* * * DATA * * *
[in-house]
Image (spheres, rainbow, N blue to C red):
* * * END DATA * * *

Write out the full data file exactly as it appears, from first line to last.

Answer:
[in-house]
Image (spheres, rainbow, N blue to C red):